In the mITT population, one patient did not have any exercise tolerance measurements post baseline, 455 patients had a SixMinute Walk Test at Week 1, 468 patients had a SixMinute Walk Test at Week 6, and 419 patients had a SixMinute Walk Test at Week 12 [Source: Vol. 2.27 Tables 11.4.1.1.2B, 11.4.1.1.4G, and 11.4.1.1.4H].
7. Statistical Comments About the Analysis Plan
The decision to impute a worst possible score for those patients who died or discontinued for transplantation or clinical deterioration is reasonable. A nonparametric analysis is suitable because we can then assign a worst score, or a rank of 0, for these patients. It might be more appropriate to rank all the patients who died below those who discontinued for clinical deterioration and those patients, in turn, below all those who completed the study. The relative ranks among those patients who died and among those patients who discontinued for clinical deterioration can be determined by length of time in the study. However, there were roughly the same number of patients in each arm who died and discontinued for clinical deterioration, so this will not likely have an impact here.
However, there was a substantial imbalance in the number of patients who discontinued the study due to serious adverse experiences (18 versus 1). These patients all had their last rank carried forward in the analysis, rather than a worst rank assigned. When it is not entirely clear whether serious adverse experiences can also be associated with clinical deterioration or vice versa, assigning these patients a worst rank may be needed. As a supportive analysis, it may be illustrative to see the impact of using the last rank carried forward for these patients by assigning a rank of 0 for these patients also.
A more important issue is the overall Type I error rate for the proposed analysis in this submission. First, consider the traditional standard for approval at the FDA based on two confirmatory trials. Even if the efficacy of a treatment is shown convincingly in one study, the agency likes to see replication in a second study because we will then be in a better position to infer that the results generalize to the entire population of patients with the disease. The overall Type I error rate (or false positive rate) is the chance that both studies will have a pvalue less than 0.05 and the results of both studies are in the same direction. If the treatment effects in the two studies are identically 0, then the chance that both pvalues will be less than 0.05 and both treatment effects are in the same direction is 0.00125[1]. For this reason, the Division of CardioRenal Drugs has often advised sponsors that one study with a pvalue less than 0.00125 may be sufficient for approval. When there is no between trial variability in the treatment effect, these two standards are indeed equivalent.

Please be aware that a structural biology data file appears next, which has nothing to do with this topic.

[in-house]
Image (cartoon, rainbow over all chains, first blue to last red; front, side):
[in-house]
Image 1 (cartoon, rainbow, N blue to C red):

Now, consider the approach that is used in this submission. We will reject the null hypothesis of no treatment effect under either of these two circumstances:
1) both studies have pvalues <0.049 and the pooled data has a pvalue <0.049
2) either study has a pvalue <0.049 and the pooled data has a pvalue <0.01
Furthermore, if neither 1) nor 2) occurs, we will reject the null hypothesis of no treatment effect in the subgroup of PPH patients under the following condition:
3) the data on PPH patients pooled from both studies has a pvalue <0.001.
According to this reviewer's simulation, if 40% of the patients have PPH then the overall Type I error rate for the criteria used in this submission is 0.01. However, it is widely recognized that even when the designs are identical, the treatment effect may vary from study to study. If there is any between trial variability in the treatment effect, the chance that any of the three conditions will hold is inflated. The appendix of this review illustrates this in more detail.
An overall
Type I error rate of 0.01 is already more liberal than the error rate of
0.00125 for the traditional FDA approach.
Now, if we include other conditions that were not prespecified under
which the sponsor can claim that efficacy was demonstrated, the Type I error
rate will be inflated even further. For
instance, suppose one pvalue from an individual study had been 0.009 and the